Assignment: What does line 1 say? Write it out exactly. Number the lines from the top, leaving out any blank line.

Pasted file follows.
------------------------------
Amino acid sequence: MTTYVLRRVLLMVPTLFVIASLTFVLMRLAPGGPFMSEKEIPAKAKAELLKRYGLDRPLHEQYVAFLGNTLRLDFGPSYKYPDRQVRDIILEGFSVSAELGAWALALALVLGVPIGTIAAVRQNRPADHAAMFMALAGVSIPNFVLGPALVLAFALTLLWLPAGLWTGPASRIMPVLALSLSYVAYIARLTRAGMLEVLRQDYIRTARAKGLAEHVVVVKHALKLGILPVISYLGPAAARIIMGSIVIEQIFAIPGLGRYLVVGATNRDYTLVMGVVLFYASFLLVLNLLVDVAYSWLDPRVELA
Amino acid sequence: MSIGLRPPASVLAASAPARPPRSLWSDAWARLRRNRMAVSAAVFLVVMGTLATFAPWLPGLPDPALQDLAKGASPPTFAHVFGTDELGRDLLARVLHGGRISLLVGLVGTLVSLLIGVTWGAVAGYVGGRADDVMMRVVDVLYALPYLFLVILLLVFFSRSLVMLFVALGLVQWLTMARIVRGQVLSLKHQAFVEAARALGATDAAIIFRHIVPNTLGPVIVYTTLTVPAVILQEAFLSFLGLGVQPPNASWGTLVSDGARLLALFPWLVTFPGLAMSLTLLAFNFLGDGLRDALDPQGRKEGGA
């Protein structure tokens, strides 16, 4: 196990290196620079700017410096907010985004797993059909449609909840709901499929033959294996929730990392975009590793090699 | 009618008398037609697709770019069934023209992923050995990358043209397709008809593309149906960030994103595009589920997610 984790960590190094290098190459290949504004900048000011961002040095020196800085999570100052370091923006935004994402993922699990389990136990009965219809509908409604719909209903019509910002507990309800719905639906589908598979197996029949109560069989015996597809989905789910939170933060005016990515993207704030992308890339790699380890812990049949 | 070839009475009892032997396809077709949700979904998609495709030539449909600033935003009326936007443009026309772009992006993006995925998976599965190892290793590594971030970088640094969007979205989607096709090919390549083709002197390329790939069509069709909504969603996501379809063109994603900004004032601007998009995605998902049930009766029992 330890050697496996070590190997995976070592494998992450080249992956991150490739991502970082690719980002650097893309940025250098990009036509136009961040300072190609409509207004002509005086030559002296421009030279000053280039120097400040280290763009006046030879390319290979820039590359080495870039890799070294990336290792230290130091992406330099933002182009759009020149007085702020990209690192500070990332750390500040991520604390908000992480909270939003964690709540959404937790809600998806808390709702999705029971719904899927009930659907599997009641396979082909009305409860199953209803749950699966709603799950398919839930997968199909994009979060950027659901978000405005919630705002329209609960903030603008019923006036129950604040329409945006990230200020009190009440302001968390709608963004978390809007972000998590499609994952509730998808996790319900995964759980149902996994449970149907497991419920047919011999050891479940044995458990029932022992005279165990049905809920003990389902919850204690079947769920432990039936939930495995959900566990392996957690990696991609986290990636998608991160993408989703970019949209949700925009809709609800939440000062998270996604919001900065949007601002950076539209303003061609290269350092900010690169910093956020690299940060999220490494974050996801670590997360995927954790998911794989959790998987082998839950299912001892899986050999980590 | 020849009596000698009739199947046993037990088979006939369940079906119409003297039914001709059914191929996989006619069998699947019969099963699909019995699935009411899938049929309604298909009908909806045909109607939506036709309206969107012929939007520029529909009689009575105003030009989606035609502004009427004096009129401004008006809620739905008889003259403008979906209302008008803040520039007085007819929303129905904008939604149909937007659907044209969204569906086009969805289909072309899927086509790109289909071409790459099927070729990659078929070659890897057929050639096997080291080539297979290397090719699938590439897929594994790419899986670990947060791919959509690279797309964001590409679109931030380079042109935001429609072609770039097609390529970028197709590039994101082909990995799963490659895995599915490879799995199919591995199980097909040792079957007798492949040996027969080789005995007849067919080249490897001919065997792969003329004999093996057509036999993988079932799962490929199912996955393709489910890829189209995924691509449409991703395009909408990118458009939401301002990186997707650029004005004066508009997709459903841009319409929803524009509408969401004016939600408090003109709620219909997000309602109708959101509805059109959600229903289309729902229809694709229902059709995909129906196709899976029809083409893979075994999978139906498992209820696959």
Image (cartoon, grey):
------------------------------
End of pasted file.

Amino acid sequence: MTTYVLRRVLLMVPTLFVIASLTFVLMRLAPGGPFMSEKEIPAKAKAELLKRYGLDRPLHEQYVAFLGNTLRLDFGPSYKYPDRQVRDIILEGFSVSAELGAWALALALVLGVPIGTIAAVRQNRPADHAAMFMALAGVSIPNFVLGPALVLAFALTLLWLPAGLWTGPASRIMPVLALSLSYVAYIARLTRAGMLEVLRQDYIRTARAKGLAEHVVVVKHALKLGILPVISYLGPAAARIIMGSIVIEQIFAIPGLGRYLVVGATNRDYTLVMGVVLFYASFLLVLNLLVDVAYSWLDPRVELA